March is Colorectal Cancer Awareness Month, a time set aside to highlight the importance of screening for colorectal cancer and to emphasize the promotion of healthy lifestyle habits that can greatly decrease your chances of getting this disease. The month is almost over, but you need to be aware of your health habits every day of the year, and this is what this article aims to help you do.
What is colorectal cancer?
The Centers for Disease Control and Prevention (CDC) gives this definition for colorectal cancer (called colon cancer for short): Colorectal cancer is a disease in which cells in the colon or rectum grow out of control. The colon is the large intestine or large bowel. The rectum is the passageway that connects the colon to the anus. Sometimes polyps may develop in your colon and your doctor may find these when you have a colonoscopy or cancer screening. These polyps can become cancerous. This is why early screening works best to spot and get rid of any growths that may lead to colorectal cancer (CRC).
Stats about type 2 diabetes and CRC
Since this is a blog about type 2 diabetes, you may be wondering what is the relevance of this topic. According to the Library of Medicine (NIH), the risk of colorectal cancer (CRC) was estimated to be 27% higher in people with type 2 diabetes than in people who do not have diabetes. In the United States, CRC is the second leading cause of cancer death among men and women combined.
Risk factors for CRC
The CDC states that inflammatory bowel disease such as Crohn’s disease or ulcerative colitis is a risk factor for colorectal cancer, however, colorectal cancer and type 2 diabetes mellitus (DM) share some of the same risk factors, such as
- Age – Your chances of getting CRC increase as you get older. People over age 50 are especially at risk.
- Lifestyle factors – diet and regular physical activity play an important role in both type 2 DM and colorectal cancer. A diet high in fiber and low in fat and processed foods can help to reduce the risk of getting these illnesses. The Mediterranean diet has been known to decrease both DM and CRC.
- Genetic – like diabetes, some people may have a family history of colorectal cancer or colorectal polyps. People with the classic type of familial adenomatous polyposis may begin to develop multiple noncancerous (benign) growths (polyps) in the colon as early as their teenage years, but, the CDC says, these polyps will become malignant if the colon is not removed.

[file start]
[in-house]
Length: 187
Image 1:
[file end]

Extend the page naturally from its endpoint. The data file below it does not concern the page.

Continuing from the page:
- Obesity – another factor contributing to both type 2 DM and CRC
- Alcohol consumption and smoking can also contribute to DM and CRC.
Symptoms of CRC
According to the CDC, you can have polyps or colorectal cancer and not know it, this is why early screening, starting at age 45 is recommended. The CDC lists the following symptoms:
A change in bowel habits
Blood in or on your stool
Diarrhea, constipation or feeling that the bowel does not empty all the way.
Abdominal aches, pain, or cramps that don’t go away
Unexplained weight loss
Tests for CRC
The earlier cancer is detected the easier it is to be treated. A colonoscopy is the most accurate test for colon cancer. Before your colonoscopy, your doctor will give you thorough instructions to prepare for your examination. During the procedure, your doctor uses a thin, flexible tube, called a colonoscope or endoscope, with a camera attached to the end so he can see the inside of your colon. You are given sedation to avoid pain. If polyps are found, the doctor removes them with a wire loop attached to the endoscope.
A sigmoidoscopy is a less invasive version of a colonoscopy, as it only examines the lower part of the colon, known as the descending or sigmoid colon, and the rectum. Preparation is similar to that done for a colonoscopy.
A CT colonography or scan of the large intestine. This is less invasive than the two tests mentioned above but is done when the person is unable to undergo a colonoscopy. Preparation is the same, but if after the colonography, cancer is suspected, then the person will have to undergo a colonoscopy so that the doctor can perform a biopsy in order to make a firm diagnosis.
Stool tests – Your doctor may give you a test kit that you use to collect a small sample of stool (feces) to detect if there is blood in it. If a significant amount of blood shows up then you will need a colonoscopy.
Treatment for CRC
Treatment for CRC depends on what stage the cancer is at when it is detected. In the early stages, the cancer may be curable, but not in every case. Treatment for stages 1, 2, and 3 — before the cancer has spread to other parts of the body — will all involve surgery. Either a part or the whole colon will be removed depending on the type of cancer. This can result in you having to use a colostomy.
Chemotherapy and radiation are used when the cancer is no longer operable, or if the cancer is only located in the rectum.
One study found that Metformin use has been associated with a decreased risk of colon cancer and increased survival but states that further studies are needed.
A diagnosis of colorectal cancer can be as frightening as a diagnosis of type 2 diabetes, but the good news is both illnesses can be managed or even cured if detected early and if proper lifestyle changes are made. According to the American Diabetes Association (ADA), the survival rate for those diagnosed with CRC in the early stages is very high, yet over a third of US adults aged 50 to 75 have never been screened. If you have type 2 diabetes, you are at a greater risk for developing CRC. This March, if you are in the group of people who should have been screened and have not, please make it your duty to do so.
A diagnosis of type 2 diabetes can send your life into a tailspin. It can leave you feeling alone and overwhelmed, but it doesn’t have to. Join my type 2 diabetes network group and get the help and support you need.